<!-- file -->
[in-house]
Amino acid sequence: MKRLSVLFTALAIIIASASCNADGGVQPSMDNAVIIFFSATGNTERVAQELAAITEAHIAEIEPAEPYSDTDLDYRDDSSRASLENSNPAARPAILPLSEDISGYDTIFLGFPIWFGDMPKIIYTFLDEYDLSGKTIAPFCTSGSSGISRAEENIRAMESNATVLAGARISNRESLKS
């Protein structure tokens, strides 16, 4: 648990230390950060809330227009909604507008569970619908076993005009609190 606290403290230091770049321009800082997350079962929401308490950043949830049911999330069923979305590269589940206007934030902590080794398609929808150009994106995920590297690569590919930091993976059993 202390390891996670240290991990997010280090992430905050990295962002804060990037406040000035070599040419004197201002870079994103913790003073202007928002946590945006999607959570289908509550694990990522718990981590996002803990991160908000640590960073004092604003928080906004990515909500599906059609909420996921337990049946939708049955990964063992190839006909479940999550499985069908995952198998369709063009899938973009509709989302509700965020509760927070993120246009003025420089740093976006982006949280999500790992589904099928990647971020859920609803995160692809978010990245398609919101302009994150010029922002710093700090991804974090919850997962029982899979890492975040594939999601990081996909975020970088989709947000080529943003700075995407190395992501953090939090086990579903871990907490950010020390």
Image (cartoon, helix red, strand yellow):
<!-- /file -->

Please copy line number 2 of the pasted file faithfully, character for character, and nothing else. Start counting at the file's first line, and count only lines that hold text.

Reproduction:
Amino acid sequence: MKRLSVLFTALAIIIASASCNADGGVQPSMDNAVIIFFSATGNTERVAQELAAITEAHIAEIEPAEPYSDTDLDYRDDSSRASLENSNPAARPAILPLSEDISGYDTIFLGFPIWFGDMPKIIYTFLDEYDLSGKTIAPFCTSGSSGISRAEENIRAMESNATVLAGARISNRESLKS